Biden, and Democrats more largely, have generally approached threats to democratic rule as discrete problems: the need for more robust voting rights protections, the nefarious influence of dark money in politics, the problem of gerrymandering. Solutions to each were stuffed into the sprawling For the People Act that died in the Senate at the hands of Joe Manchin (D-W.V.) and Kyrsten Sinema (D-Ariz.). The president based his campaign on the idea that he could unify America by reaching across the aisle to sympathetic Republicans who were secretly disgusted by former President Trump's antics.

While he did not indict the entire Republican Party, Biden used his speech to single out the MAGA movement as the chief threat to the future of American democracy. "For a long time, we've reassured ourselves that American democracy is guaranteed," Biden said. "But it is not. We have to defend it. Protect it. Stand up for it. Each and every one of us."

And he was not shy about naming the culprit: "Donald Trump and the MAGA Republicans represent extremism that threatens the very foundations of our Republic," Biden said, calling for Americans to reject candidates aligned with former President Trump and his movement.

How has the GOP reacted?

Republicans were quick to attack the president's address. Republican National Committee spokeswoman Emma Vaughn offered perhaps the sharpest rebuke: "Biden has pitted neighbors against each other, labeled half of Americans as fascist, and tarnished any idea of his promise of 'unity,'" she said.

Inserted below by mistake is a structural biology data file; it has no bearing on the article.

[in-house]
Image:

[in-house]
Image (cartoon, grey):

Earlier in the week, in response to Biden's preceding remarks about MAGA "semi-fascism," House Minority Leader Kevin McCarthy (R-Calif.) said that the president "has chosen to divide, demean, and disparage his fellow Americans — simply because they disagree with his policies." Prior to the Philadelphia speech, McCarthy called on Biden to "apologize for slandering tens of millions of Americans as fascists."

Similar denunciations were issued by leading Republicans like controversial Rep. Lauren Boebert of Colorado. Republicans are likely to push the critique that the president and his allies are speaking and acting in ways that are worsening America's political divides.

What else are people saying?

Some journalists also attacked Biden for the optics. CNN's Jeff Zeleny didn't object to the substance of the address but complained that "doing it against a backdrop of two Marines standing at attention and the Marine Band is a break with White House traditions."

The speech was noticeably the culmination of a major shift in tone and strategy from the White House, from a largely conciliatory stance toward Republicans to a much more combative one. Indeed, whether Biden's change of course — not only in his new rhetoric about MAGA but also in the abrupt shift in the tone of the White House Twitter account — will pay dividends in November is an open question.

To be sure, it will, if nothing else, set the stage for the next several months of political combat between Democrats and Republicans hoping to increase their power at the federal and state levels.